Labours Of Hercules By Agatha Christie

But elsies scream might have been heard if he were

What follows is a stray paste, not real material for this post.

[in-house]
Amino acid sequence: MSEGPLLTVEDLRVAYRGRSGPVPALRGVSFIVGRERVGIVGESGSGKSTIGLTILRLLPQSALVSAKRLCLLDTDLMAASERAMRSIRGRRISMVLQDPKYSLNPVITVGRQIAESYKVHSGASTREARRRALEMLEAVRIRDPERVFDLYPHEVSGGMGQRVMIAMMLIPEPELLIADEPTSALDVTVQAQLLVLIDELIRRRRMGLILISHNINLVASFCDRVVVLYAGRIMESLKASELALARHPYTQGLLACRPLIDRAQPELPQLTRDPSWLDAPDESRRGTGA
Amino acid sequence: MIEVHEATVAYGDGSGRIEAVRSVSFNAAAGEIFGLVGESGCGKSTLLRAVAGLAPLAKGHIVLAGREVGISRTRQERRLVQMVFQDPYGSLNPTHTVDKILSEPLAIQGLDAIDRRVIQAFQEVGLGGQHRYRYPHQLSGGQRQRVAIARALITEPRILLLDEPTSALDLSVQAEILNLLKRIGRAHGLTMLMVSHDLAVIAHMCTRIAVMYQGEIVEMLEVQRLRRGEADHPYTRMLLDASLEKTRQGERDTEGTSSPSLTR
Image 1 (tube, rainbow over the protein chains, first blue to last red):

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Unformatted text preview: round the lake and then back through the pinewoods. It really was lovely.33 A waiter came out and received orders for tea. Mrs. Rice went on, her needles flying vigorously: "Elsie had a letter from her husband. She mayn't come down to tea." "Her husband ?" Harold was surprised. "Do you know, I always thought she was a widow." Mrs. Rice shot him a sharp glance. She said dryly: "Oh no, Elsie isn't a widow." She added with emphasis: "Unfortunately!" Harold was startled. Mrs. Rice, nodding her head grimly, said: "Drink is responsible for a lot of unhappiness, Mr. Waring." "Does he drink ?" 210 "Yes. And a good many other things as well. He's insanely jealous and has a singularly violent temper." She sighed. "It's a difficult world, Mr. Waring. I'm devoted to Elsie, she's my only child -- and to see her unhappy isn't an easy thing to bear.55 Harold said with real emotion: "She's such a gentle creature.55 "A little too gentle, perhaps.55 "You mean --55 Mrs. Rice said slowly: "A happy creature is more arrogant. Elsie's gentleness comes, I think, from a sense of defeat. Life has been too much for her.55 Harold said with some slight hesitation: "How--did she come to marry this husband of hers ?55 Mrs. Rice answered: "Philip Clayton was a very attractive person. He had (still has) great charm, he had a certain amount of money--and there was no one to advise us of his real character. I had been a widow for many years. Two women, living alone, are not the best judges of a man's character.55 Harold said thoughtfully: "No, that's true.55 I 211 He felt a wave of indignation and pity sweep over him. Elsie Clayton could not be more than twenty-five at the most. He recalled the clear friendliness of her blue eyes, the soft droop of her mouth. He realised, suddenly, that his interest in her went a little beyond friendship. And she was tied to a brute. .. . II That evening, Harold joined mother and daughter after dinner. Elsie Clayton was wearing a soft dull pink dress. Her eyelids, he noticed, were red. She had been crying. Airs. Rice said briskly: "I've found out who your two harpies are, Mr. Waring. Polish ladies — of very good family, so the concierge says." Harold looked across the room to where the Polish ladies were sitting. Elsie said with interest: "Those two women over there? With the henna-dyed hair? They look rather horrible somehow — I don't know why." Harold said triumphantly: "That's just what I thought." Mrs. Rice said with a laugh: "I think you are both being absurd. You 212 can't possibly tell what people are like just by looking at them." Elsie laughed. She said: "I suppose one can't. All the same / think they're vultures!5' 'Ticking out dead men's eyes!35 said Harold. "Oh, don't," cried Elsie. Harold said quickly: "Sorry." Mrs. Rice said with a smile: "Anyway th...
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